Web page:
Letter 44 #8 Review
President Blades gets and implied pronunciation of his last name and challenged for his switch military action, while out in space the Chandelier turns on for the first time.
Charles Soule’s Letter 44 has been on point since its launch. Letter 44 #8 gives one of the biggest payoffs of the season so far. Throughout the issue Soule throws several small revelations out to readers and it kept my eyes glued to the panels across the twenty-two pages.
Letter 44 #8 opens in an unfamiliar setting – a cave in Afghanistan. Several America troops are being pressed back, some injured, and things aren’t looking good for them. There is no need to worry as a solider – who has more the appearance of Shining Night than a US soldier – appears with the most incredible piece of technology to have ever entered the contemporary field of combat. He not only rescues his fellow soldiers, but reveals what appears to be a technological armada come to end the war in ninety days as explicitly set down by President Blades.
Back in Washington, Letter 44 #8 continues in the White House Press Briefing room with President Blades coming under fire as a result of his recent military press. Blades passes the concern of the press off charmingly before he is berated by both his Press Secretary and Secretary of State over his increasingly secretive behaviour. In this issue Blades comes under fire from all potential fronts – including a scene where we has to verbally smack down a Congressman – and a lot of his actions could appear questionable if the reader were not in on the immense amount of pressure he, as a character, is under with a spatial attack immanent at best. Soule does an excellent job of assuring the reader that President Blades is – and can be – in control, which cements him as a good person to have in charge for the coming conflict.
Clarke Mission is in rough shape, the crew is at odds about the appropriate course of action. Letter 44 #8’s main focus in the astronaut storyline is actually on the health of Astra – Charlotte’s baby daughter – Kyoko gives the child the best physical examination she can given the fact that she is not an OB-GYN, but saves the more shocking revelations about Astra’s health for her personal logs. In this act she has stepped into the deceptive role, which will certainly come to a head in future issues.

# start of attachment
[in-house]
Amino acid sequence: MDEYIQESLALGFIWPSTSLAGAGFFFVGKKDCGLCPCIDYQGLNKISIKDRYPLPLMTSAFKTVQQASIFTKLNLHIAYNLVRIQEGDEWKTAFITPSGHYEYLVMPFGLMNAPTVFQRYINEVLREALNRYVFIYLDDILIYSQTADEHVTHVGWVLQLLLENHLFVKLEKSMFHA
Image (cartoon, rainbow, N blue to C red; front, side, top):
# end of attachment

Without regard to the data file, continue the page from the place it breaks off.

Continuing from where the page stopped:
The final page of Letter 44 #8 focuses on the Chandelier, the structure being constructed out in space – as it takes the first step toward what the readers and characters have been expecting from the start.
GETTING BETTER AND BETTER
Alberto Jimenez Alburquerque is not my favourite artist working in the comics industry right now. All that bias out of the way, I think Letter 44 #8 is probably his best work to date. President Blades, in particular, looks striking drawn from extreme angles throughout the issue.
While the scenes that take place inside the White House look polished in the way that readers have come to expect from this setting – in contrast scenes involving the Clarke Mission and it’s oft zero gravity atmosphere are fluid and lovely. The delicate ways the astronauts float when they are at the window observing the Chandelier lends a sense of gravitas to Charlotte, Kyoko and Astra’s scene together in the infirmary when Earth-level gravity and health concerns abound.
Alburquerque has really come into his own with this series and Letter 44 #8 really speaks to his talent as an artist and understanding of the subject matter Soule presents him with. As Letter 44 continues more and more toward the realm of science fiction I look forward to seeing what Alburquerque presents readers with.
Letter 44 #8 is the latest edition to a great series. Charles Soule and Alberto Jiminez Alburquerque are both on the top of their game and you’ll not only be entertained, but feel a lot smarter after you’ve read this issue.